*Determine the unique positive two-digit integers *m*
and *n* for which the approximation is accurate to seven decimals, i.e., .*

* *

Let us first take the reciprocal of our approximation for ,
that is, . We get, to the nearest 7^{th} digit,
4.2941179.

So, .

Again, we take the reciprocal of 0.2941179. This is approximately 3.3999974.

Now, .

Repeating these steps, we get

.

Simplifying this continued fraction, and neglecting the last number, we get

.

We verify that , which is indeed accurate to seven decimals, as required.

We also note that the first few convergents for 0.2328767 are

…

The next one has a numerator greater than 100, and is accurate only to four decimal places. Thus, is the unique answer.

*It is well known that there are infinitely many
triples of integers (*a, b, c*) whose greatest common divisor is 1 and
which satisfy the equation**. Prove that there are also infinitely many
triples of integers (*r, s, t*) whose greatest common divisor is 1 and
which satisfy the equation **.*

* *

Let us assume that *r, s, *and *t* are all greater
than 0 (Not necessary integers), and if:

then dividing both sides by *r ^{2}s^{2}t^{2}*
we get

.

Now if this has a solution where *r, s, *and* t*
are rational numbers (not necessarily
integers) we can easily find an
equivalent integer solution. (We multiply each term by a suitable number, as
explained below)

But we do have such a solution, where ,
,
and , and *a*,
*b* and *c* are integer solution of
!

In other words, suppose we have a primitive Pythagorean
triplet (*a, b, c*).

Let ,

Now T, R, and S are
not integers, but they are solutions of *R ^{2}S^{2} *+

Then *kR, kS*,
and *kT* are also solutions because if we multiply the above equation by k^{4}
we get *(kR) ^{2}(kS)^{2} *+

Therefore, to find integer solutions, we
choose: *k* = *abc*,

So that makes *kR,
kS*, and *kT* each an integer.

**So, { r = ac, s = ab, t = bc}
are the unique integer solutions for .**

Also, we will prove that if (*a, b, c*) has a greatest
common divisor of 1, then so does

(*r, s, t*).

If (*a, b*) have a common
divisor *k* > 1, then let *a* = *kx* and *b *=* ky*.

Now, * k ^{2}x^{2}
+ k^{2}y^{2} *=

This implies that *k*
is also a factor of *c*, which means that (*a, b, c*) is not a
primitive triple.

Similarly, any common factor of (*a, c*) will also be a
factor of *b*.

Thus, no pair of (*a, b, c*) has any common factors
greater than 1.

So, GCF(*r, s*) = *a*,

But there are no common factors greater than 1 with *a*
and *bc*

Thus, GCF(*r, s, t*) = 1.

Since there are infinitely many solutions for (*a, b, c*),
there are also infinitely many solutions for (*r, s, t*) by selecting *r
*=* ac, s *=* ab, *and* t *=* bc.*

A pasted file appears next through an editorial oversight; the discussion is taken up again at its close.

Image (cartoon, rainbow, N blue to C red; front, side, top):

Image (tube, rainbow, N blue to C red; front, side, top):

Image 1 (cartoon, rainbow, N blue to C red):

For example:

(3,4,5) gives a solution of (15, 12, 20), and

(5, 12, 13) gives us (65, 60, 156)

* *

*Suppose ** for some angle *x*, . Determine ** for the same *x*.*

* *

It is easy to see that *x* ≠ 0, or π/2, so
neither sin *x* or cos *x* is 0, hence it permissible to divide by
sin *x* or cos *x* in all the following equations.

We will use

and

=

.

or, (eq 1)

Similarly,

(eq 2)

So, using eq 1 and 2, and the fact that , we get

Since we are given that

*The *projective plane* of order three consists of
13 “points” and 13 “lines”. These lines
are not Euclidean straight lines; instead they are sets of four points with the
properties that each pair of lines has exactly one point in common, and each
pair of points has exactly one line that contains both points. Suppose that points are labeled 1 through 13,
and six of the lines are: A = {1, 2, 4, 8}, B = {1, 3, 5, 9}, C = {2, 3, 6,
10}, D = {4, 5, 10, 11}, E = {4, 6, 9, 12}, and F = {5, 6, 8, 13}. What is the line that contains 7 and 8?*

* *

We know that set *G* contains
7 and 8. Since each pair of points has
only one line which contains both points, we know that no point which occurred
in any other set that contained 7 or 8 may be contained in *G*.

Set *A* contains {1, 2, 4,
8}. Set *F* contains {5, 6, 8,
13}. This means that Set *G* must
not have 1, 2, 4, 5, 6, or 13 as members.
Thus, the only possible choices for the other two members are 3, 9, 10,
11.

The other two members can be 3, 9,
10, 11, and 12. One of these two points
must be common to sets *B, C, D, *and* E*. However, these points must not *both*
occur in any of these sets.

Checking all the possible combinations of these numbers: (3, 9), (3, 10), (3, 11),

(3, 12), (9, 10), (9, 11), (9, 12), (10, 11), (10, 12), and (11, 12) for this, we find that the possible pairs of points that do not both occur in any of the forementioned sets are:

(3, 11), (3, 12,) (9, 10), (9, 11), and (10, 12).

(3, 11) is not a possibility
because set *E* contains neither of them.

(3, 12) is not a possibility
because set *D* contains neither of them.

(9. 10) is a possibility because one of them
is contained in each of the sets *B, C, D, E, *and *F*.

(9, 11) is not a possibility
because neither of them is contained in set *C*.

(10, 12) is not a possibility
because neither of them is contained in set *B*.

The only possible pair of points that can be in a set with 7 and 8 is (9, 10)

**Thus, the only possible set G
is {7, 8, 9, 10}**

* *

* *

* *

*In PQR,
QR < PR < PQ *

*so that the exterior angle **x*
V

*bisector through P intersects *

** ray at point S, and the ** U

*exterior angle bisector at R *

*intersects ray at *

*point T, as shown on the right. *

*Given that PR = PS = RT, *

*determine, with proof, the *

*measure of PRQ.*

Let point *U* lie on in the opposite direction of *T* from *P*.

Let point V lie on in the opposite direction of *P* from *R*.

Let *m**PRQ*
= *x*.

because it is supplementary to *PRQ*.

Also, because *PR *=* PS*.

From we get

, or

*RPQ*
is supplementary to *RPU*,
so

, or

Since *RP* = *RT*,

So,

*QRV*
is supplementary to *PRQ*,
so *m**QRV*
= 180 *x*.

Thus,

From Δ*QRT*
we get

, or

Now, from Δ*PQR*,
we get

, or

**Thus, mPRQ
= 132º**